College hours and events are held at ARC as well. College hours are meant to inform and educate students on all types of matters; it’s also a good way to spend time in-between classes.
Events, such as plays, art show, and contests are also held on campus. There are always plays running in the fall semester, the current play being Beauty and Beast, next being Seagull.
Art galleries hold show from from student artists or professionals who come on campus to showcase their pieces. Typically for art students, their art gallery shows are held in early December around finals.
There are also events held at ARC that offer either knowledge or a chance to relax. ARC has meditation rooms, and twice a week during finals they bring in adoptable puppies for students to pet and take their minds off of their tests.
If you’re interested in enrolling in American River College, you can click here and sign up for the next semester.
My community extends far beyond the boundary of my street. It transcends physical distance and extends to the people who support me in what I do. Not only do they support me, but point out my flaws so I can improve myself. My community is made from the people who are willing to struggle with me against great odds. I am thankful for my friends and my community.
It has been nine months since I started working for AccessLocal.TV, and along the way I learned so many things about the community, and the workforce. Between my first and second term, we began working on a project outside of AccessLocal.TV.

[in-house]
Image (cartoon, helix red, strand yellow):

We partnered with Neighborworks to produce a series of videos called Know Your Farmers, Know Your Foods. Over the spring and into the summer we worked on this project, traveling to various farms and asking the farmers a variety of questions.
In July, my team and I took a trip to San Jose to cover the Summer Transportation Institute. This was a summer program held at San Jose State University, in which students attending the program got college credits for the classes they took. We got to tour San Jose state, as well as go to the Santa Cruz boardwalk, and the Golden Gate Bridge in San Francisco.
Our last trip was the Free Our Dreams event held at UC Davis. We went to workshops, danced, and played games. However, the most important thing we did during our trips was our jobs: interviews, photography, and videography.
The best advice I could give to new coming arrivals is always get your work in on time. Make sure you get interviews to give your article or video soul, and don’t be afraid. The more confidence you have in yourself the easier the job becomes; the easier it is to get interviews and the easier it is to get interesting shots.
On September 9th, from 11 am to 1 pm, Sol Collective will be hosting an event called “Healing for the Homies”. This event is geared towards activists and artists whose work takes a toll on them. Tickets are $10 and the event will be at 2574 21st street.
With the events in Charlottesville, d the hurricane in Texas, it’s easy to get caught up in what’s going on in the world around you. Though it is good to keep up on how the world is doing, activists can get too caught up in other people and big issues and forget about taking care of themselves.
Healing for the Homies helps activists and artists to take a step away from the issues of the world and take some much-needed time to focus on themselves. Healing for the Homies tickets can be found here.